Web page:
BLOT: (09 Sep 2010 - 12:50:32 PM)
The Eight Doctors, by Terrance Dicks (8th Doctor Novel)
Here we have the first book in the EDA (Eighth Doctor Adventures) line, the new (for '97) line of Doctor Who novels designed to carry on the adventures of the Doctor post-TV. Some -where/-how in the mix there were other lines of novels (see second paragraph) that looked back at past Doctors and specifically carried on post-Survival Seventh Doctor stories. This one focused, as you can guess, on the Eighth Doctor as played by Paul McGann in the movie.
The Eight Doctors starts things off by trekking back through the Doctor's previous lives and having him save his previous incarnations (85% of the story) while also introducing him to his next companion (3%) and getting mucked about in Time Lord Polity (12%). Number Eight, Terrance Dicks wants us to know, is dashing and suave and forceful and clever and wise (a certain degree of character complexity got reintroduced in the next novel: Vampire Science). For the first couple visits (with the First and Second Doctors), we get little scenes cuts that show how certain key decisions were made. He stops the First from bashing in the head of a caveman, and helps to talk the Second into summoning the Time Lords despite the cost. I think this is more Dicks' way of giving new fans a glance back rather than claiming the Doctor continuity was potentially something different but was altered into its correct pattern by Eighth. Compared to the increasingly long stories with the later Doctors, the First barely even touches the book so if you are Team Hartnell, you'll probably not like where this ends up.
For most of the rest we get an "immediately after a televised adventure" series. Eighth helps Third to track down the Master immediately following The Sea Devils, and helps Fourth fend off a vampiric counter attack right after State of Decay. The biggest self-referentialization occurs right after The Five Doctors from Number Five's point of view, and events from that 20th Anniversary Special are heavily referenced throughout. Fans of the Raston Warrior Robot get a second glimpse of the devil (with some background story), this time with Sontarans (try and read the dialogue without doing the Sontaran voice, dare you). At this stage, the novel is still relatively fast paced: Quantum Leap short stories for Time Lords.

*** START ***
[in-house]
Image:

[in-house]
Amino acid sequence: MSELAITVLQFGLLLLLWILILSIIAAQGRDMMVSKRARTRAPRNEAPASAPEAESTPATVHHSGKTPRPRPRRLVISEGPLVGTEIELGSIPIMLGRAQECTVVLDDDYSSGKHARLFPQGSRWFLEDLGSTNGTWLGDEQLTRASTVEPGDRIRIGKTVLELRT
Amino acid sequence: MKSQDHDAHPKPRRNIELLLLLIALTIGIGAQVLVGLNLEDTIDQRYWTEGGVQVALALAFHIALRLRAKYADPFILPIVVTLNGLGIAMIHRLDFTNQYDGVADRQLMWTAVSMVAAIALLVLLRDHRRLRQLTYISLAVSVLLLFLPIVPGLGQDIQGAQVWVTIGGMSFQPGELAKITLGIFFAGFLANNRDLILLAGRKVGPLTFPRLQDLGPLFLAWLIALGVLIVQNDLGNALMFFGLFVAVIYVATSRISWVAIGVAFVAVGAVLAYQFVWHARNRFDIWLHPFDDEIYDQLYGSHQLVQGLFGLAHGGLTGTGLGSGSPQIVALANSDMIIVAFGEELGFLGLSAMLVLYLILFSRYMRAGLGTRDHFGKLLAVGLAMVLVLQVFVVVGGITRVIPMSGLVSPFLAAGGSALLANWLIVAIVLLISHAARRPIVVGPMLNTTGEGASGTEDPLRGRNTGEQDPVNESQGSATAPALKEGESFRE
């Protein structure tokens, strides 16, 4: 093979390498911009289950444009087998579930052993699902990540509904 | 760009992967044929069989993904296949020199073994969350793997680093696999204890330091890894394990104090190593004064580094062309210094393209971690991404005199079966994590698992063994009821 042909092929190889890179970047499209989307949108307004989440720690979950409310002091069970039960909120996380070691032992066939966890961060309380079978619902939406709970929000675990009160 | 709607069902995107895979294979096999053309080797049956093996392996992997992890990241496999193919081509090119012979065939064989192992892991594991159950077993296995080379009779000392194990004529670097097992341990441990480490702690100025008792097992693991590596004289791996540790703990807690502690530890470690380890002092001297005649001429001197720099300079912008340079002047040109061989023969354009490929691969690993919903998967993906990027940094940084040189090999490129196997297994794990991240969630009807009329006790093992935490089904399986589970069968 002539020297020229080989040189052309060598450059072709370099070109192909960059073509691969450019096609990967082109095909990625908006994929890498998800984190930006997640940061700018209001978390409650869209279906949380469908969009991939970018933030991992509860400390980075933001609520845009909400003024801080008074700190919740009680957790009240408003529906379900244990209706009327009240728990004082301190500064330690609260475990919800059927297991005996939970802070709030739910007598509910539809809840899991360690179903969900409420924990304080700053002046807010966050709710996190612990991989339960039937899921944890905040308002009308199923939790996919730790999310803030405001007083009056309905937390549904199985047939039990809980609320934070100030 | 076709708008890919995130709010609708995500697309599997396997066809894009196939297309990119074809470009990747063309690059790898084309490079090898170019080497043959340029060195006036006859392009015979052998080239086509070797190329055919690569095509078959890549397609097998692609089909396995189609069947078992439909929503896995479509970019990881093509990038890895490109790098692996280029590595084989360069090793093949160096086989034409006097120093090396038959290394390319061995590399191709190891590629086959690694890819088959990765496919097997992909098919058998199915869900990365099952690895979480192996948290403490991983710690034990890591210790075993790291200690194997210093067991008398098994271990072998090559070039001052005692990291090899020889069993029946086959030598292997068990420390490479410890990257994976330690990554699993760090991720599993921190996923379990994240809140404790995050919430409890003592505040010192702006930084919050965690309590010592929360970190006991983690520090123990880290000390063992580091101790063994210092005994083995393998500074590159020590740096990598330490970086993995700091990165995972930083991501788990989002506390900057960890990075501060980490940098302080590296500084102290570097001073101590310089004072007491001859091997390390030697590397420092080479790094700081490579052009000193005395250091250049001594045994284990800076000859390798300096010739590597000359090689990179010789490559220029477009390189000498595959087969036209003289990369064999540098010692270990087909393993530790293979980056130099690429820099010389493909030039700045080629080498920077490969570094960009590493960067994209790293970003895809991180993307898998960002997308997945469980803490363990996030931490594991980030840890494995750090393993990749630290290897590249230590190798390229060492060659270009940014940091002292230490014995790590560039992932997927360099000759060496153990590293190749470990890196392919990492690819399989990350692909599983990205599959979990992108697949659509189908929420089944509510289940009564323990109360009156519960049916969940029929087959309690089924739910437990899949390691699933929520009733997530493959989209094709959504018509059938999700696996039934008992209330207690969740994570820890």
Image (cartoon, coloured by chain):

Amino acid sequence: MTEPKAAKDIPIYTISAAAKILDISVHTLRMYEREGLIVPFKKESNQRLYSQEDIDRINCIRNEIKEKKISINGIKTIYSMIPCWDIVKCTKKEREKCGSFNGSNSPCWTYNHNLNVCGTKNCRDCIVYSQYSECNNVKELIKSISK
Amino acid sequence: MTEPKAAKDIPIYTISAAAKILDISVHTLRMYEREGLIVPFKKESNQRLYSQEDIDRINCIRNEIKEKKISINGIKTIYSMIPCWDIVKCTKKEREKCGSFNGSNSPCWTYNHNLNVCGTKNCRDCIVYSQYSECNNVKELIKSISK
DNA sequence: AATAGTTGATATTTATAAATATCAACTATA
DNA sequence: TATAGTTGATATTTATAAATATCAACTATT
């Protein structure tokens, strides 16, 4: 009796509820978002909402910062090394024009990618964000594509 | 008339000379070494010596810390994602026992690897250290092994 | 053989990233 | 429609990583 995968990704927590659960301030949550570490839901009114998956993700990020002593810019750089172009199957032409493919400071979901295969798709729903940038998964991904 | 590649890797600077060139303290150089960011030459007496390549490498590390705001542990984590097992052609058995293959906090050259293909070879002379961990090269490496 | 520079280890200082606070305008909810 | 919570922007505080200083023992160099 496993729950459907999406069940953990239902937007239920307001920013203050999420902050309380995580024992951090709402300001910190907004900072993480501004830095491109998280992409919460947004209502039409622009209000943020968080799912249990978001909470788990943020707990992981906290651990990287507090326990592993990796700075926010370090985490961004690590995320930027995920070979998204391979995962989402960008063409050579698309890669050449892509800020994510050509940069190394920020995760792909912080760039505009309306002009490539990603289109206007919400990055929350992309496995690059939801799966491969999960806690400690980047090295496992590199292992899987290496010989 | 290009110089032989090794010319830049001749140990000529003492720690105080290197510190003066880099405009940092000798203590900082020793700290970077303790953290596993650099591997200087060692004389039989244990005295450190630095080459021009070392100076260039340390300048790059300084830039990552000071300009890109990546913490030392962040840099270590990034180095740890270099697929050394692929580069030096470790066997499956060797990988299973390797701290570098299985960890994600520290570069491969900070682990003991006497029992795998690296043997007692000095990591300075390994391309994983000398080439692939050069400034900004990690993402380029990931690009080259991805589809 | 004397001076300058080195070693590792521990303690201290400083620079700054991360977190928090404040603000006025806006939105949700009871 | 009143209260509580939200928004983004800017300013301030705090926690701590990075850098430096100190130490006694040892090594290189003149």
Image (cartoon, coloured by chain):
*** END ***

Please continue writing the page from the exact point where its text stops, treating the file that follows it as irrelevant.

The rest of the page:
Then we get to the section with the Sixth Doctor. Set on one end of the Trial (though you might say "tangentially set"). Rather than continue the 3rd through 5th pattern, Terrance Dicks decides to take us to the behind the action, a presidential enquiry to redeem the Doctor once and for all. In the classic series, the Trial (by which I mean Season 23, aka Trial of a Time Lord) was the swan song of both the Sixth Doctor and the Time Lords (outside of renegades and spin-off material, they did not return until "The End of Time"). Rather than spend the novel's time defending Number Six, Dicks instead devotes a considerable chunk of the novel to the Doctor leaving behind the Sixth and fixing Time Lord society through various schemes. While this is the first time Dicks lets the Eighth really be free, it also comes as a sharp contrast to the rest, a mis-stepped diversion that bogs down an other word one-sitting read. It does, to some degree, help to recast Time Lords as "generally ok", which might help some fans who disliked the increasingly negative portrayal on screen, but still. Different novel at a different time material. By the time it is wrapped up, the Doctor barely has time to interact with the Seventh (uniquely to the novel, the Seventh is set towards the end of his spin-off career, as opposed to televised) before discovering the "real plot" and getting back on track for his own stories.
Being, generally, ignorant of the various flavors of "Classic Who" spin-off novel, I have to admit that missed part of what Dicks was going for with The Eight Doctors. It reads best like a check-point for the series. If someone started with the Doctor Who Movie and then picked up this novel, between the two narratives they would have a fair standing in the Whoniverse. With lots more questions to ask, sure, but enough answers to keep going. I know it also provides a few corrections to slightly out of sync events going around the novels (of the time) and was Dicks' way of slapping the movie just a tad, while simultaneously trying to make a few things that snuck into the movie make sense (see: Eye of Harmony being in the Tardis, The Master's "snake form", etc). He does not rectify the "half-human on my mother's side" statement, though I'm sure one of the Eight Doctor Adventure (EDA) series will surely look into it.
I personally think you could probably skip this one, since the Doctor is almost a non-entity at the center. However, for Eighth Doctor fans for those who want at least some of the problems with the movie fixed, it is more essential to read. I would call it Fair. Not a strong point of Terrance Dicks' contribution, but well enough.
TAGS: Doctor Who [Eight Doctor, Novels]
BY WEEK: 2010, Week 36
BY MONTH: September 2010